Methane is the source of the gas we burn in stoves. You can also use it to make plastics, antifreeze or fertilizer. It comes out of underground deposits, but it also seeps up from swamps, landfills, even the stomachs of cows.
And while methane is valuable, a lot of it gets up into the atmosphere, where it becomes a very damaging greenhouse gas.
For the first time, the Obama administration is taking action against wind farms for killing eagles.
In a settlement announced Friday, Duke Energy will pay $1 million for killing 14 golden eagles over the past three years at two Wyoming wind farms. The company says it pleaded guilty to misdemeanor charges under the Migratory Bird Treaty Act.
The case is a first to be prosecuted under that law for a wind company by the Obama administration, which has been a champion for pollution-free wind power.
The EPA's decision not to force oil companies to replace E10, gasoline mixed with 10 percent ethanol, with E15, had a big impact on a lot of businesses. For manufacturers of motorcycles, motor boats and outdoor power equipment, it was good news. But for gas station owners who invested in expensive blender pumps, the decision hurt.
Colorado and California both just proposed new regulations for oil and gas production in their states. Both states have been pushed by environmental concerns to establish rules tougher than federal requirements. If Colorado's proposal goes ahead, it would be the first state in the nation to directly regulate methane. California also says its proposed rule would be the toughest in the nation. It regulates the engineering technique called hydraulic fracturing, or fracking.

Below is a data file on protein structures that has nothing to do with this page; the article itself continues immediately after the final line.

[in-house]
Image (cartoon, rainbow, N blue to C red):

A top executive for SandRidge Energy says the company plans to spend $350 million next year to drill another 100 horizontal wells and build associated infrastructure in the Mississippian Lime formation in Kansas
David Lawler, executive vice president and chief operating officer for the Oklahoma-based firm, says that plan should make people understand the company's interest in the Kansas formation.
Workers at the Fukushima Daiichi nuclear power plant successfully removed some radioactive fuel from one of the damaged reactors on Monday. It's an important first step, but there's a long way to go before the situation at the plant can be said to be completely under control
Originally published on Mon November 18, 2013 5:30 pm
Workers at Japan's Fukushima Dai-Ichi nuclear power station successfully completed the first day of a delicate operation to remove radioactive fuel rods from a reactor damaged in the March 2011 tsunami.
The fuel rods were removed from the Unit 4 reactor, which was offline at the time the tsunami smashed into the plant, overwhelming its backup systems. Although Unit 4 was spared the fate of three other reactors that melted down, a fire in its containment building weakened the structure.